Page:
Liz Reyer
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I'm about five years away from retirement. I have some ideas on what I'd like to do afterwards that would give me the chance to develop some new skills, and wonder what I should do now to be ready.

Planning ahead gives you time to prepare, so make a plan and take action.

The inner game

Take a step back, focusing first on what you'd like in post-retirement life. What aspects of your current professional life would you like to maintain? What would you like to move away from? Consider interests you've had and skills you haven't had a chance to use, and think about how important it is to engage them.

Think more about your ideas about next steps from the perspective of their fit with your hopes and your vision for yourself. Imagine yourself in new roles. Take note of where they fit and don't seem to fit. If it's because, upon reflection, they don't appeal to you, drop them from your list. However, if the barriers are more related to skills or experiences you'd need to be successful, keep them in the hopper for more consideration.

Finally, do a reality check on how much time, effort and resources you want to put into this preparation. This could range from going back to school, to doing some independent study, to taking on volunteer commitments that give you hands-on experience. Be realistic so you don't have a mismatch between your hopes and your preparedness. Check with a financial planner, too, to ensure that you're managing the financial side of retirement well and can afford your dreams.

The outer game

Moving on to additional exploration, have in mind a small set of possible "finalists." For each, make a plan to learn more about it. This could include informational interviews, online research or conversations with career resource centers (yes, even for retirement job changes).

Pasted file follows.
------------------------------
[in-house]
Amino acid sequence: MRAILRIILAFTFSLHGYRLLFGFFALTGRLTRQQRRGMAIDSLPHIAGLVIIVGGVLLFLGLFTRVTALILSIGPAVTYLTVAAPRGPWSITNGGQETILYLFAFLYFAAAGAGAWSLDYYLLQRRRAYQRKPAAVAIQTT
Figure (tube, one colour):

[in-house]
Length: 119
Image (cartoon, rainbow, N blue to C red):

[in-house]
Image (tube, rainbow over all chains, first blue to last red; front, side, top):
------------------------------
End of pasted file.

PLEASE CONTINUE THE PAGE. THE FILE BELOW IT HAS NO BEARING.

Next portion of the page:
Depending on how much you need to do to be ready, and how strongly you want to move immediately into something new, you're going to have to make a decision. Once that's done, map out a plan with timelines.

For example, imagine you'll retire in 2015 and know you want to take a year off before you commit to something new. Plan backwards from 2016, determining when you need to take steps to be ready. Here's an example. Say you decide you'd like to become a personal trainer. You'll need to take classes and gain certification. Find out how long these take, especially on a part-time basis while you're still working.

Barriers will come up, challenges that may put you off your plan. Plan for them, and also adopt a perspective of resilience. Treat this as an adventure, rather than a "must-do," and be ready to let it change and evolve.

The last word

Dreaming a bit and planning ahead will help you be ready for the big change of retirement.

What challenges do you face at work? Send your questions to Liz Reyer, a credentialed coach and president of Reyer Coaching & Consulting in Eagan. She can be reached at or 651-398-4765. Questions also can be submitted at


Name, age: Al, 58

Title: Teacher

Issue: Preparing for retirement